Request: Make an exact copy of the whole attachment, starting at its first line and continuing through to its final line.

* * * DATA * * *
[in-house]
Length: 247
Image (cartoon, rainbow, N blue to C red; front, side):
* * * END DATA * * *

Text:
[in-house]
Length: 247
Image (cartoon, rainbow, N blue to C red; front, side):